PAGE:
NASA’s DART Spacecraft has successfully Crashed into an Asteroid, Here’s What the Spacecraft Saw Last before the Collision

After NASA officially announced that its DART Spacecraft will be colliding with Dimorphos, a small asteroid at about 7 million miles (11 million kilometers) from Earth on September 26, the entire world looked forward to the success of the mission. Last night, NASA’s Double Asteroid Redirection Test (DART) space probe successfully crashed into the small asteroid.

This collision enabled NASA to accomplish the world’s first planetary defense test against an asteroid. The American space agency commenced with the DART mission in November 2021 with the common goal of adjusting the orbit of Dimorphos around its parent asteroid, Didymos. NASA wants the impact to advanced enough to show that we can redirect the movement of hazardous asteroids heading toward earth in the future.

The outcome of this impact has fascinated the scientific community with our technological advancement. Elena Adams, who served as the DART’s mission system engineer at the Johns Hopkins University Applied Physics Laboratory (JHUAPL) announced the outcome of the mission with these powerful words.

“As far as we can tell, our first planetary defense test was a success,” said Adams immediately after the crash. “I think Earthlings should sleep better. Definitely, I will.”

After months of exploring space, DART Spacecraft finally crashed into Dimorphos at 7:14 p.m. EDT (2314 GMT). The space probe struck the small asteroid while traveling at 14,000 mph (22,500 kph). Since the DART spacecraft was made to weigh 1,320 pounds (600 kilograms), NASA planned to use the spacecraft will be powerful enough to change the orbit of the 534-foot-wide (163 meters) small asteroid.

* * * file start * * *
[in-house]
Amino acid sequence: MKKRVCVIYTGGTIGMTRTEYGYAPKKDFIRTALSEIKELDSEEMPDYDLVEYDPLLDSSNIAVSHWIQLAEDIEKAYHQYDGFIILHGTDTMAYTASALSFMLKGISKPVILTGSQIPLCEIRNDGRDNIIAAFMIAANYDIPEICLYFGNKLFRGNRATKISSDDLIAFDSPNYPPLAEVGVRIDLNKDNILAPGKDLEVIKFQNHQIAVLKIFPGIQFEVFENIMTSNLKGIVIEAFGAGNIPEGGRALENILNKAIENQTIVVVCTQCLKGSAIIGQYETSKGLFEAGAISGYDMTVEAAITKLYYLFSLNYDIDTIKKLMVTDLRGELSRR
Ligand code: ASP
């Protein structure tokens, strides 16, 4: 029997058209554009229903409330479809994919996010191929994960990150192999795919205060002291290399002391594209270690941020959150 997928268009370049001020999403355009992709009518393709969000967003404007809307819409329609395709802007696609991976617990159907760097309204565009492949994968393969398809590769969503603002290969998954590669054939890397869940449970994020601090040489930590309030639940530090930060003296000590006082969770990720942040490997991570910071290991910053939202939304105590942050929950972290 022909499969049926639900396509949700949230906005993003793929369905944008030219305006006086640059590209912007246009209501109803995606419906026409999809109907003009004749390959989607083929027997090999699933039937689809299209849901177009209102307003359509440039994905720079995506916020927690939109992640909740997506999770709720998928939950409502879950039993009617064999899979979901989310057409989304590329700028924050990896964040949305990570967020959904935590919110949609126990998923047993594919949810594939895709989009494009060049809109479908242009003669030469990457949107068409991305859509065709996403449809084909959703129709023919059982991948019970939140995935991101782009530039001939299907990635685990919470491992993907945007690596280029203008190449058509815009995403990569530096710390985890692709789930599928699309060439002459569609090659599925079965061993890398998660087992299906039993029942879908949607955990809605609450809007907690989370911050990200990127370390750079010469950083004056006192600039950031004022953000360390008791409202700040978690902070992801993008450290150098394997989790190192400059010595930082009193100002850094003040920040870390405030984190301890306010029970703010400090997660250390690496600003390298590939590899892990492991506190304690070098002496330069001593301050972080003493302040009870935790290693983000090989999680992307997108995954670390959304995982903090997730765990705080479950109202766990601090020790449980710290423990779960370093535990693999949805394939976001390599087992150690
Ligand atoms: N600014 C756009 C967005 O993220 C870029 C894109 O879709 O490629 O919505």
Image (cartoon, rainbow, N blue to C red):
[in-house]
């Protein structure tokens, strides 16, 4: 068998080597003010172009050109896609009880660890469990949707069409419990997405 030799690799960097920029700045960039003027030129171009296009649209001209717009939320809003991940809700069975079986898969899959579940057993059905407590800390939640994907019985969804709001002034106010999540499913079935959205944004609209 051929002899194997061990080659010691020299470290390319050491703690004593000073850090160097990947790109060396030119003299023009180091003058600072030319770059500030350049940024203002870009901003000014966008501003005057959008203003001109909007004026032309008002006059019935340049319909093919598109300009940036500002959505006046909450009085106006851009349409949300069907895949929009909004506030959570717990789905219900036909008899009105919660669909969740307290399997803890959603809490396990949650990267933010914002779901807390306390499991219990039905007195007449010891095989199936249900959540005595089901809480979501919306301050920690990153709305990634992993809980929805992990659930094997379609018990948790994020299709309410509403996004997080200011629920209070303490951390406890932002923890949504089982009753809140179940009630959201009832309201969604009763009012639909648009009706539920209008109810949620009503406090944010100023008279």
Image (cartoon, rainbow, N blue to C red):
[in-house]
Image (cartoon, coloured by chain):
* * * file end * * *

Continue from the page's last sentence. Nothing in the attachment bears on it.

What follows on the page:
Despite Dimorphos moving much faster than its parent asteroid, the DART space probe was able to slam into it at the right time. Assuming that the spacecraft missed its target, NASA and JHUAPL engineers could have deployed one of their 21 different plans to still actualize the success of the mission.

What the NASA DART Spacecraft Saw Last before the Collision

The last image DART spacecraft captured before the collision (Image credit: NASA/JHUAPL)

Before the DART spacecraft successfully slammed into Dimorphos, it caught a detailed view of the asteroid. The space probe used its advanced camera system to transmit mind-blowing images of its asteroid of the target. However, after the collision, the DART spacecraft was destroyed and it stopped transmitting data from 7 million miles away from Earth.

What is the Next Plan for Planetary Defense against Asteroid?

The success of this first planetary defense against asteroids has shown that humanity is getting closer to protecting lives and our inventions from an asteroid impact in the future. Keep in mind that the Chicxulub asteroid that struck the Yucatan Peninsula around 65 million years ago led to the extinction of the dinosaurs. Back then, the dinosaurs were helpless because they do not have a space program.

Since we have a space program, we have the potential of protecting Earth from experiencing a similar fate as it did millions of years ago. After the success of the NASA DART spacecraft, space agencies will be looking forward to advancing our planetary defense system using sophisticated technologies. Once we can devise a means of defending our home planet from asteroid impacts, we will have more time to find solutions to other challenges facing humanity.

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